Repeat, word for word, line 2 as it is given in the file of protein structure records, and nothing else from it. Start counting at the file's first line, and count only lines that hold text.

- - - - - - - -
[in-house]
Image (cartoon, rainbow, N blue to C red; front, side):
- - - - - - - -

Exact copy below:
Image (cartoon, rainbow, N blue to C red; front, side):